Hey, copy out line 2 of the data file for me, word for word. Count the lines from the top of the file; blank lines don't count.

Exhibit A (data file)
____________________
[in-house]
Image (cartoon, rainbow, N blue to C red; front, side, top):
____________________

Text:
Image (cartoon, rainbow, N blue to C red; front, side, top):